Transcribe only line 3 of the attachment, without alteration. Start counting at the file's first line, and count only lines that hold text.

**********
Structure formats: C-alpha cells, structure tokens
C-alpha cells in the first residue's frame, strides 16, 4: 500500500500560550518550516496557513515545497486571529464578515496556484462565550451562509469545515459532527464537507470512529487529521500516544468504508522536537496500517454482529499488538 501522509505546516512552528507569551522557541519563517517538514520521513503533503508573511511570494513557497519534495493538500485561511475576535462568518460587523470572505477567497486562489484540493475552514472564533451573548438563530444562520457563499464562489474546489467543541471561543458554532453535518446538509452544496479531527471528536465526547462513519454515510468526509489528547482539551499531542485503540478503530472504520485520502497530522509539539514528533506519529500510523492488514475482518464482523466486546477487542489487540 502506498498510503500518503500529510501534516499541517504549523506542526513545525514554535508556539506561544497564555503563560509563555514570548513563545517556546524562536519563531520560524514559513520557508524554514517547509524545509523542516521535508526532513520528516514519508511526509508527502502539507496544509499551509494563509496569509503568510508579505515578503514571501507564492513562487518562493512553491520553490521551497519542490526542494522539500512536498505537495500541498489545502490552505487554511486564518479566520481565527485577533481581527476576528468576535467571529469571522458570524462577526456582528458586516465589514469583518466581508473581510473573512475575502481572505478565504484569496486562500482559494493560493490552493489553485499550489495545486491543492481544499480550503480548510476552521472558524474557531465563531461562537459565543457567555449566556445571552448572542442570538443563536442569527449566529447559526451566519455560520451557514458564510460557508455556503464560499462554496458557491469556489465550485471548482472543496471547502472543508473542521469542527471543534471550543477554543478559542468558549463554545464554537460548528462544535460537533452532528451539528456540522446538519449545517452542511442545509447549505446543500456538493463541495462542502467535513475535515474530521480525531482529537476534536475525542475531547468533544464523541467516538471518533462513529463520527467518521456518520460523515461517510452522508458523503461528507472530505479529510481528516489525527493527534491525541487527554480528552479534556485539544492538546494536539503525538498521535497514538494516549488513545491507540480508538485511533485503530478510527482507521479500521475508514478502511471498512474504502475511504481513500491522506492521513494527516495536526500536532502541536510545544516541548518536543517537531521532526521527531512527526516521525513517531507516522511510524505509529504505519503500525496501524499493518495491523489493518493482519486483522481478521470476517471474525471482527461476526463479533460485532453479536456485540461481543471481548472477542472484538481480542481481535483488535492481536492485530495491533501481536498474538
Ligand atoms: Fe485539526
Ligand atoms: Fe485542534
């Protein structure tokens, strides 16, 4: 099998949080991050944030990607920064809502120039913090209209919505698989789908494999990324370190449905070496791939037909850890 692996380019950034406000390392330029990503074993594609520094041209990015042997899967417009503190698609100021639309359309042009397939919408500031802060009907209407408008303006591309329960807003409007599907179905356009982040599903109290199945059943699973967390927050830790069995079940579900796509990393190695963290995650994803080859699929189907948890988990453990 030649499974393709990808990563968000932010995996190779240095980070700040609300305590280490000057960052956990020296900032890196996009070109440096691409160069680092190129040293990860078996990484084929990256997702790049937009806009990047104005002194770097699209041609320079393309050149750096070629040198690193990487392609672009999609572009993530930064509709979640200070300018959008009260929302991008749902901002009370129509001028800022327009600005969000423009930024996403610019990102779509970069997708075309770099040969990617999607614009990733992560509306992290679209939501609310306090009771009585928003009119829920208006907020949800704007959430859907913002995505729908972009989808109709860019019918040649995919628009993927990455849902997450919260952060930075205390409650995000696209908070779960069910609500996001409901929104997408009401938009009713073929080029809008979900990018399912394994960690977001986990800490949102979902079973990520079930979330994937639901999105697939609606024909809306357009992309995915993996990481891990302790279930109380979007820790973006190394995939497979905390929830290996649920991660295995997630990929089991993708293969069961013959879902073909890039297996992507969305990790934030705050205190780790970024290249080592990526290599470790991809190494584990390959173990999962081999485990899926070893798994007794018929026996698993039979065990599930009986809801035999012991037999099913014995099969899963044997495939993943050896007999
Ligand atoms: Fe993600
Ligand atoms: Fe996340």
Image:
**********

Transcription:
Ligand atoms: Fe485539526